Our homes provide us and our families with security that we otherwise would not have. But even the best home security measures are not effective 100% of the time. What happens when that security is broken and someone gains entry into our home? How you respond is arguably more important than what weapon you respond with.
Home Defense Tactics:
For the vast majority, the only handgun training is done on the range. And that may or may not include tactics. And if it does include tactics, it likely is not focused on defending the home.
If you are forward thinking enough to have taken a home defense class, have you actually applied those tactics in your own home? With your own furniture, your own family members, and with all the blind corners, open areas, hiding spots and fatal funnels? Only you know the answer.
If you have been training inside your home, kudos. If not, you should. Why? Because home burglaries happen a lot. According to the DOJ, on average from 2003-2007, there were 3,700,000.00 (or 3.7 million) burglaries each year. Of those, a whopping 1 million occurred when someone was home. And, of those, 256,560 burglaries turned violent.
So you have a greater than 1 in 4 chance of having a family member home when someone breaks in. Here is the thing, it may not be you who is home when it happens. Are your loved ones also equipped mentally and physically to defend against an intruder?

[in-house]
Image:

How to Search Your House for The Bad Guy:
The simple answer is don't. Before you fly off the handle about me recommending you do nothing when you hear a noise in the night let me give you some context.
Do we call the police every time we hear a noise inside our home? Of course not. But we all want to check and investigate that noise we just heard. What we typically discover is something innocuous, like a picture that fell, or a pet that knocked something over, right? We are relatively certain that these noises are not an intruder and we don't immediately call police.
We absolutely should respond to these noises prudently and tactically. But maybe we have heard that noise before, or know exactly what it is. In any event, something inside us tells us we know what the cause of this noise is, and that dictates our response.
Now suppose you hear breaking glass, followed by more sounds. This may indicate someone is trying to or actually has gained access into your home. Your response should absolutely be different than the above scenario. Maybe it's a situation like this story, where the neighbor wants you to check out their home because they think someone may be inside.
Or how about this story we recently covered on the podcast, where the subject hears screaming and pounding on the door of their attached garage and goes to investigate. If your first course of action is to locate and engage the intruder, you may want to rethink your response plan.
It is rare to find a situation where it is wise tactically to you grab your gun and go searching for the bad guy who may be inside or outside your home. Here are just a few reasons why it's not a great idea:
- May be more than one bad guy
- The bad guy may be more powerful and able to disarm you
- Someone hiding has a huge tactical advantage over the person searching
- Most burglars have weapons or arm themselves with something when they become aware that someone is home